• 2. 14 Mining Journal August 10, 2012 Focus – ArgentinA SA’s Potasio Rio Colorado and Gold Corp’s Cerro Negro. Pascua-Lama is a gold-silver mine that straddles the border with Chile, making it the first bi-national mine in the world. It is set to enter production mid-2013 and has proven and probable reserves of 17.9Moz of gold and 676Moz of silver contained within reported gold resources. Pascua-Lama is expected to produce 800,000- 850,000oz/y of gold, and about 35Moz/y of silver, in its first full five years of operation at negative cash costs of US$225-US$275/oz. Production at the US$4.7 billion project is proposed over a 20- year mine life. Vale expects to overcome obstacles that prompted management to re-evaluate its US$3 billion potash project in the province of Mendoza earlier this year. Elsewhere, Silver Standard Resources Inc says it has one operating mine in Argentina, Mina Pirquitas, in Jujuy province, which is expected to produce 8.2–8.5Moz of silver and 10.5–11.5Mlb (4,764t-5,217t) of zinc in 2012. Silver Standard has a major on-going exploration programme at its Mina Pirquitas and Diablillos properties.The goal at Pirquitas is to expand resources and reserves to extend the mine life.While, the goal at Diablillos is to define some satellite ore bodies in addition to the primary target. gold output setto quAdruple Around 1.6Moz of gold, 19.8Moz of silver and 446,700t of copper are currently produced in Argentina. Last year, some 1.5Moz of gold was produced, 23.9Moz of silver and 147,350t of copper. Rojas estimates gold output could rise to as much as 3.3Moz/y, making Argentina the second-largest Latin American producer after Peru, where production was around 4.6Moz in 2011. Likewise, silver output could rise to as much as 81Moz/y and copper could double if the mega projects of El Pachon, owned by Xstrata, and Agua Rica, owned by Minera Alumbrera, obtain the necessary corporate and government approvals and get access to the funding they require. El Pachon could potentially start operating in 2016 after three years of construction, with initial output estimated at 400,000t/y of copper at an estimated cost of US$4.1billion, says Xstrata. The company’s assets in Argentina also include Alumbrera, the country’s largest copper mine, which is a joint venture with Goldcorp Inc (37,5%) andYamana Gold Inc (12.5%), and a 50% interest in Agua Rica – which is 35km from Alumbrera. Both are in Catamarca province. Agua Rica is a copper-molybdenum-gold porphyry deposit with a polymetallic epithermal overprint. It would be developed as a conventional open-pit mine and produce an estimated 250,000t of copper in concentrate together with gold and molybdenum by-product credits. legAl hurdles Canada’s Pan American Silver owns the Navidad silver deposit, one of the largest undeveloped silver deposits in the world, located in Chubut province, and the Calcatreu gold project, located in Rio Negro province. In July, after considering draft mining legislation submitted to Chubut’s regional government, the company said the extra provincial participation would “render the Navidad project uneconomic at any reasonable estimate of long-term silver prices”. If the law were approved without any major changes, Pan American says it would have no other option but to suspend further investment in Navidad. Argentina is very much a nascent mining country, with the sector accounting for around 1.5% of GDP. It is rich in natural resources, has a highly literate population, an export-oriented agricultural sector, and a diversified industrial base. Mining is heavily focused among juniors conducting exploration, with 75% of mining companies engaged in this activity. Despite this massive potential, this year the actions of the government, both at a state and regional level, have sown confusion and caused a flight of capital from this young mining nation. The forced repatriation of mining export revenue on geologicAl regions Together with Brazil, Paraguay and Uruguay, northern Argentina is the visible part of the South American Plate. (The submerged part of this plate forms a broad continental shelf under the Atlantic Ocean.) Argentina occupies part of the Patagonian platform in the south and the Andes mountains in the west. The Precambrian-Paleozoic crystalline basement of Argentina comprises plutonic intrusives (granites to gabbros) and metamorphosed sedimentary and volcanic rocks that host a range of styles of mineralisation.These include nickel, copper, chromium, platinum group metals, tungsten, tin, silver and gold. The crystalline basement is overlain by Paleozoic to Cenozoic continental and marine sedimentary rocks that also host a range of mineral deposits, including lead, zinc, silver, copper, uranium and vanadium. Volcanic-intrusive activity during late Paleozoic and Mesozoic times generated porphyry copper and high-sulphidation epithermal gold-silver deposits in the Andes, as well as epithermal gold-silver and polymetallic mineralisation in Patagonia. Important sediment-hosted uranium deposits also formed in Patagonia in the Mesozoic. Argentina boasts several world-class mineral deposits, including porphyry copper-molybdenum gold (Bajo de la Alumbrera), high-sulphidation epithermal gold-silver (Pascua-Lama), low sulphidation epithermal gold-silver (CerroVanguardia, Esquel) and lead-silver (Navidad), as well as important deposits of uranium. Northern and western Argentina are dominated by the satellite ranges of the Andes. Between the mountains of the far northwest is the puna, a high plateau rising to 3,400-4,000m. East of this is the pre-puna, the gorges and slopes ranging in altitude from 1,700m to 3,400m. East of the Andes lie several ranges of hills, the most important of which are the Sierras de Córdoba and the Sierras de San Luis.These are mostly of ancient Precambrian rocks. The vast Paraná Basin stretches from the borders with Brazil and Paraguay to the Atlantic at Buenos Aires. In the northeast it mainly consists of geologically recent deposits.The eastern-most part of this basin, between the Ríos Paraná and Uruguay, is the wettest part of the country. Known as Mesopotamia and consisting of the provinces of Entre Ríos, Corrientes and Misiones, it is structurally part of the Brazilian plateau of old crystalline rocks, the‘heart’of the South American Plate. Northwest of Mesopotamia, and stretching from the Paraná and Paraguay rivers west to the Andean foothills and north into Paraguay and Bolivia, lies the Gran Chaco, a vast plain that covers the provinces of Formosa, Chaco and Santiago del Estero, as well as parts of Santa Fe and Córdoba. South of 33°S, the latitude of Mendoza and Rosario, is a great flat plain, known as the Pampas, covering some 650,000km2 . Patagonia extends from the Río Colorado south to the Magellan Straits and covers some 780,000km2 . Most of this area consists of a series of tablelands and terraces that drop in altitude from west to east.The basic rocks are ancient, some classified as Precambrian, but the surface has been subjected to endless erosion. Patagonia contains several distinct geological terrains that host both precious and base-metal deposits of varying ages.The west margin of Argentinian Patagonia (and adjacent Chile) are part of the Andean mountain chain where subduction since Jurassic time has generated a series of volcanic- intrusive magmatic pulses with associated epithermal gold-silver and sub-volcanic porphyry copper-gold deposits. East of the Andean mountain chain, Argentine Patagonia is characterised by two volcanic massifs; the Somuncura massif in the north and the Deseado Massif in the south. Silver Standard's Pirquitas mine 13_17MJ1208010.indd 14 09/08/2012 17:09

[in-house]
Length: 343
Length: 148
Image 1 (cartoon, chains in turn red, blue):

• 3. August 10, 2012 Mining Journal 15www.mining-journal.comwww.mining-journal.com local markets and requirements for companies to source equipment domestically has forced some to reassess their investments in the country. McEwan says the actions of the government confused the market and knocked millions of dollars of value off copmanies with assets in the country. The government has sought to offset foreign suppliers with domestic ones, but Mr McEwan says right now there was neither the quantity nor quality to replace from outside. Xstrata Copper’s manager of global communications, Emily Russell, says the company has operated successfully in Argentina since the start-up of Minera Alumbrera in 1997. Over the last decade it has implemented a local supplier programme at Minera Alumbrera and over 70% of goods and services were purchased nationally in 2011. “Nonetheless, we are obviously continuing to closely monitor the investment environment in the country, together with other global economic factors, as we advance El Pachón and Agua Rica towards construction decisions,”she says. Other laws also work against the mining industry. About eight provinces have banned open-pit mining and the use of chemicals common in the industry, such as cyanide, effectively putting them off limits to large-scale projects. On the other hand, a number of other provinces, including San Juan and Santa Cruz, are strongly in favour of the industry. In January, Rio Negro province joined La Rioja in lifting a ban on open-pit mining and the use of cyanide. Most agree that Argentina needs clear and consistent regulation.The expropriation of partially state-owned energy companyYPF from Spain’s Repsol in April did nothing to calm nerves and while many believe that this won’t be replicated in the mining sector, it has sent out the wrong message. “It is a concern. Look at other countries in South America …. Bolivia,Venezuela.There is an attitude to foreign capital that is not healthy,”said Mr McEwen. Bolivian President Evo Morales revoked the mining rights ofVancouver-based South American Silver Corp. The decision to expropriate the Canadian company’s Malku Khota silver mine was the second for Bolivia in a month, highlighting the increasing risks to developing mining in the region. “While there is uncertainty in Argentina, as is the case in other South American jurisdictions, we will continue to work with the authorities and strive for the best results,”says Dr Casarin, who is also President of APPMA, the Argentine association of professionals from the oil and mining industries. glAcier lAw –will itthAw? In July, the Supreme Court overturned temporary injunctions granted by the federal court in San Juan (in effect since November 2010) suspending the application of the national law for the protection of glaciers in the province.The law, which bans mining and oil drilling on glaciers and the surrounding areas, is designed to preserve water reserves. The Supreme Court must still rule on the constitutionality of the federal law, which has also been challenged by the province of San Juan, labour unions and local construction and mining chambers. Barrick says that construction at Pascua-Lama and mining activities atVeladero were not affected by the ruling.Veladero is not far from Pascua-Lama. “We believe we are legally entitled to continue our current activities on the basis of existing approvals,” Barrick says. The company believes the federal legislation also draws a distinction between new projects and those already underway. President Fernandez vetoed a similar law in 2008 on the grounds that it would hamper provincial economies. Xstrata’s El Pachon project also faces some environmental challenges related to the glacier- protection law as, according to environmental advocacy group Cedha, there are over 200 glaciers in the project area. Meanwhile, an Argentine court ruled in favour of suspending Famatina, a gold exploration project led by Canada’s Osisko Mining Corp, in La Rioja province, until a new ruling outlawing mining near glaciers is applied in the area. In the last five years, several mining companies have attempted to obtain permits to explore the Famatina mountain range, facing strong opposition from residents and local authorities who fear for its health and the environmental impact of the project. AdVAntAges Abound Despite recent setbacks many companies have not been put off and are in Argentina for the long-term. “It is very workable, but we feel we have an advantage over some other foreign (to Argentina) juniors in that our managing director, EduardoVidela, is an Argentine national and geologist with a good network of contacts locally,”says Argentina Mining’s Mr Bright. Argentina Mining is exploring five properties in San Juan province and Mr Bright adds that exploration is proceeding well at its flagship Cerro Blanco project. At Copper Hill it has undertaken two campaigns of diamond drilling and also ground geophysics and it was at the point where interpretation of the data was pointing it to the natural“centre of gravity”of the potential ore-body, which would be the focus of the next drilling campaign in mid-late 2012. “I personally believe the advantages are many and while there are some disadvantages, they are relatively minor and do not outweigh the advantages, in our experience so far.The biggest advantage is availability of truly great potential for big discoveries in a land where much of the country remains unexplored, even in a province like San Juan which is the busiest Argentine province in exploration terms.The language is manageable, there is a well-established rule of law and normal legal process and right of appeal,”said Mr Bright. Others noted that crime was low, and it was a safer “About 15 international mining projects are expected to begin operating in the short term, with a total investment of more than US$32.7 billion” Photo:BloombergNews President Cristina Fernández de Kirchner discovering gold & silver deseado massif, argentina Please contact our sydney office on (02) 9437 4588 for further information, or visit our website... www.marianaresources.com anglogold ashanti – major shareholder + Half million oz gold- equivalent resource base – las calandrias new gold discoveries outside resource – drill results awaited exploration of 100% owned las calandrias district portfolio – new targets emerging advanced gold-silver projects – high grade & bulk tonnage targets – aguila & sierra Blanca aim: marl tsX: mrY Mariana_Quarter_90x130_ad.indd 1 1/08/12 8:44 PM 13_17MJ1208010.indd 15 09/08/2012 17:09